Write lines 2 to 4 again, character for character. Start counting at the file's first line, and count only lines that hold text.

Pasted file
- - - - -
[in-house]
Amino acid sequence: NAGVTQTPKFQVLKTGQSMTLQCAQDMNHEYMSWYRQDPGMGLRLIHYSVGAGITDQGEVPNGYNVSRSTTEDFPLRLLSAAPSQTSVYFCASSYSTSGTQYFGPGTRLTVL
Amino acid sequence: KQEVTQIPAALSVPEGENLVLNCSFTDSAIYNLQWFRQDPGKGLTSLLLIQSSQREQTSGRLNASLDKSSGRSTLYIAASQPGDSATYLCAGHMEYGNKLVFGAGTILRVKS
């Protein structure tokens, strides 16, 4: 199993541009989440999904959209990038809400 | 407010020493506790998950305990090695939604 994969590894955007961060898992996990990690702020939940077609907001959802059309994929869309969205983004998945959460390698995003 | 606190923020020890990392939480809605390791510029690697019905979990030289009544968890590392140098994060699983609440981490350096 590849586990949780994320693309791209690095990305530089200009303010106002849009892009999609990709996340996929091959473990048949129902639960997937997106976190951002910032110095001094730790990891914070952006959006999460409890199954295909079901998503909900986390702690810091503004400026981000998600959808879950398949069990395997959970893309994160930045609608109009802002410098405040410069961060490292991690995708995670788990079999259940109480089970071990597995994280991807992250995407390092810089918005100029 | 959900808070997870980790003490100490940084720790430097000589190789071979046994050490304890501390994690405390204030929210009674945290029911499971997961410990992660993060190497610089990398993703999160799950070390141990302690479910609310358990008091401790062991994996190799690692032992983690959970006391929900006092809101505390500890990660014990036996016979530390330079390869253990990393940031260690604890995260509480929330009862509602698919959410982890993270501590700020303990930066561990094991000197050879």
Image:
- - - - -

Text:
Amino acid sequence: NAGVTQTPKFQVLKTGQSMTLQCAQDMNHEYMSWYRQDPGMGLRLIHYSVGAGITDQGEVPNGYNVSRSTTEDFPLRLLSAAPSQTSVYFCASSYSTSGTQYFGPGTRLTVL
Amino acid sequence: KQEVTQIPAALSVPEGENLVLNCSFTDSAIYNLQWFRQDPGKGLTSLLLIQSSQREQTSGRLNASLDKSSGRSTLYIAASQPGDSATYLCAGHMEYGNKLVFGAGTILRVKS
């Protein structure tokens, strides 16, 4: 199993541009989440999904959209990038809400 | 407010020493506790998950305990090695939604 994969590894955007961060898992996990990690702020939940077609907001959802059309994929869309969205983004998945959460390698995003 | 606190923020020890990392939480809605390791510029690697019905979990030289009544968890590392140098994060699983609440981490350096 590849586990949780994320693309791209690095990305530089200009303010106002849009892009999609990709996340996929091959473990048949129902639960997937997106976190951002910032110095001094730790990891914070952006959006999460409890199954295909079901998503909900986390702690810091503004400026981000998600959808879950398949069990395997959970893309994160930045609608109009802002410098405040410069961060490292991690995708995670788990079999259940109480089970071990597995994280991807992250995407390092810089918005100029 | 959900808070997870980790003490100490940084720790430097000589190789071979046994050490304890501390994690405390204030929210009674945290029911499971997961410990992660993060190497610089990398993703999160799950070390141990302690479910609310358990008091401790062991994996190799690692032992983690959970006391929900006092809101505390500890990660014990036996016979530390330079390869253990990393940031260690604890995260509480929330009862509602698919959410982890993270501590700020303990930066561990094991000197050879």